In the realm of studio drumming and hit records, Buddy Saltzman is best-known for the type of records where many listeners don't even notice the drums. This was quite often an aspect of a folk-rock hit, an irony since one of the so-called revolutionary aspects of the style was adding a drum set to a folkie combo. Saltzman was the guy asked to bring his, setting up his drums on records by artists such as the Cyrkle, Peter, Paul & Mary, and Ian & Sylvia. His sensitive style, friendly in the dynamics department, was also just what was needed for the unique, haunting works of some of the best singer/songwriters from the '60s and '70s, including Janis Ian, Tim Hardin, and Laura Nyro. All in all, despite a background that also included R&B hits by the Coasters, Saltzman's reputation could be summarized as more of a groovy drummer than a big-beat man.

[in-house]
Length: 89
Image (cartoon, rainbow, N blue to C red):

This description might be withdrawn in light of the revelation that he recorded on bongos more than once. If that isn't enough to take back a "groovy," it was also Saltzman, along with peers such as guitarists Hugh McCracken and Dave Appell, bassist Chuck Rainey, and fellow drummer Gary Chester, who provided the instrumental backup on records by the Archies. Chester is another studio drummer whose career overlaps with Saltzman, and students of rock drumming can try to figure out which one of the two is playing on sides by the Monkees. When it comes to the Four Seasons, however, Saltzman seems to have been a favorite of the group's creator, Frankie Valli. The subsequent string of hits features the drummer's most aggressive and bombastic work, inspiring the following description of Saltzman over cyberspace: "God as a drummer." The point is well-taken. If God played drums, he most certainly would be sensitive to dynamics.